BMJ Case Reports 2017; doi:10.1136/bcr-2017-220926
  • Rare disease

A case of De Garengeot hernia and literature review

Open Access
  1. Chin Li Tee2
  1. 1General Surgery, Caboolture Hospital, Caboolture, Queensland, Australia
  2. 2General Surgery, Caboolture Hospital, Caboolture, Queensland, Australia
  1. Correspondence to Dr Bardia Bidarmaghz, bardiab1985{at}
  • Accepted 23 August 2017
  • Published 7 September 2017


Femoral hernia accounts for only 3% of all the hernias and in only 0.5%–5% of the events, the appendix can travel through the femoral hernia which is called De Garengeot hernia, and the incidence of appendicitis in this type of hernia is as low as 0.08%–0.13%. We present a case of a 69-year-old healthy woman who was referred to the emergency department by her general practitioner for CT-proven appendicitis in the femoral canal. On initial assessment, she was found to have a hard, tender lump in her right groin below the inguinal ligament, and open appendectomy and herniorrhaphy were performed. Surgery is the mainstay of treatment of this type of hernia but due to the rarity of this condition, there is no specific guideline as for the surgical procedure. This article demonstrated a case of De Garengeot hernia which was diagnosed preoperatively and managed surgically.


  • Contributors BB involved in collecting patient's images, obtaining the consent and drafting the manuscript. CLT was the operating surgeon and did the final edit and review.

  • Competing interests None declared.

  • Patient consent Obtained.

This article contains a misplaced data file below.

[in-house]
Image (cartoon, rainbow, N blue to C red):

• Provenance and peer review Not commissioned; externally peer reviewed.

This is an Open Access article distributed in accordance with the Creative Commons Attribution Non Commercial (CC BY-NC 4.0) license, which permits others to distribute, remix, adapt, build upon this work non-commercially, and license their derivative works on different terms, provided the original work is properly cited and the use is non-commercial. See:

Open Access

Register for free content

The full text of all Editor's Choice articles and summaries of every article are free without registration

The full text of Images in ... articles are free to registered users

Only fellows can access the full text of case reports (apart from Editor's Choice) - become a fellow today, or encourage your institution to, so that together we can grow and develop this resource

Don't forget to sign up for content alerts so you keep up to date with all the case reports as they are published, and let us know what you think by commenting on the Editor's blog

Navigate This Article